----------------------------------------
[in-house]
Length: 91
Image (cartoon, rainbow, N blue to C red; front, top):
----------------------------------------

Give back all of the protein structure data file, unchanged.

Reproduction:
[in-house]
Length: 91
Image (cartoon, rainbow, N blue to C red; front, top):